On Mon, Jun 5, 2017 at 6:21 PM, Jakob Bohm via dev-security-policy <
dev-security-policy@lists.mozilla.org> wrote:

> If you read the paper, it contains a proposal for the CAs to countersign
> the computed super-crl to confirm that all entries for that CA match the
> actual revocations and non-revocations recorded by that CA.  This is not
> currently deployed, but is an example of something that CAs could safely
> do using their private key, provided sufficient design competence by the
> central super-crl team.

I did read the paper - and provide feedback on it.

And that presumption that you're making here is exactly the reason why you
need a whitelist, not a blacklist. "provided sufficient design competence"
does not come for free - it comes with thoughtful peer review and community
feedback. Which can be provided in the aspect of policy.

> Another good example could be signing a "certificate white-list"
> containing all issued but not revoked serial numbers.  Again someone
> not a random CA) should provided a well thought out data format
> specification that cannot be maliciously confused with any of the
> current data types.

Or a bad example. And that's the point - you want sufficient technical
review (e.g. an SDO ideally, but minimally m.d.s.p review).

Look, you could easily come up with a dozen examples of improved validation
methods - but just because they exist doesn't mean keeping the "any other
method" is good. And, for what it's worth, of those that did shake out of
the discussions, many of them _were_ insecure at first, and evolved through
community discussion.

> In this case, it would presume that technical competence exists at high
> end crypto research / specification teams defining such items, not at
> any CA or vendor.  For example any such a format could come from the
> IETF, ITU-T, NIST, IEEE, ICAO, or any of the big crypto research centers
> inside/outside the US (too many to enumerate in a policy).

And so could new signature algorithms. But that doesn't mean there
shouldn't be a policy on signature algorithms.

> Here's one item no-one listed so far (just to demonstrate our collective
> lack of imagination):

This doesn't need imagination - it needs solid review. No one is
disagreeing with you that there can't be improvements. But let's start with
the actual concrete matters at hand, appropriately reviewed by the
Mozilla-using community that serves a purpose consistent with the mission,
or doesn't pose risks to users.

> However the failure mode for "signing additional CA operational items"
> would be a lot less risky and a lot less reliant on CA competency.

That is demonstrably not true. Just look at the CAs who have had issues
with their signing ceremonies. Or the signatures they've produced.

> It is restrictions for restrictions sake, which is always bad policy
> making.

No it's not. You would have to reach very hard to find a single security
engineer would argue that a blacklist is better than a whitelist for
security. It's not - you validate your inputs, you don't just reject the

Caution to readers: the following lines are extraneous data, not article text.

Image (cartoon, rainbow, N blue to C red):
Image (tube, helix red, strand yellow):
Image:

badness you can identify. Unless you're an AV vendor, which would explain
why so few security engineers work at AV vendors.

> If necessary, one could define a short list of technical characteristics
> that would make a signed item non-confusable with a certificate.  For
> example, it could be a PKCS#7 structure, or any DER structure whose
> first element is a published specification OID nested in one or more
> layers of SEQUENCE or SET tags, perhaps more safe alternatives could be
> added to this.

You could try to construct such a definition - but that's a needless
technical complexity with considerable ambiguity for a hypothetical
situation that you are the only one advocating for, and using an approach
that has repeatedly lead to misinterpretations and security failures.

> An incorrect CRL is an incorrect CRL and falls under the CRL policy
> requirements.
> An incorrect OCSP response is an incorrect OCSP response and falls under
> the OCSP policy requirements.

This is an unnecessary ontology split, because it leaves it ambiguous where
something that 'ends up in the middle' is. Which is very much the risk from
these things (e.g. SHA-1 signing of OCSP responses, even if the
certificates signed are SHA-256)

> Those whitelists have already proven problematic, banning (for example)
> any serious test deployment of well-reviewed algorithms such as non-NIST
> curves, SHA-3, non-NIST hashes, quantum-resistant algorithms, perhaps
> even RSA-PSS (RFC3447, I haven't worked through the exact wordings to
> check for inclusion of this one).

I suspect this is the core of our disagreement. It has prevented a number
of insecure deployments or incompatible deployments that would pose
security or compatibility risk to the Web Platform. Crypto is not about
"everything and the kitchen sink" - which you're advocating both here and
overall - it's about having a few, well reviewed, well-oiled joints. The
unnecessary complexity harms the overall security of the ecosystem through
its complexity and harms interoperability - both key values in Mozilla's
mission statement.

Rather than arguing for the sake of the hypothetical, what some CA "might"
want to do, it's far more productive to have the actual use cases with
actual interest in deployment (of which none of those things are) come
forward to have the public discussion. Otherwise, we're just navel gazing,
and it's unproductive :)
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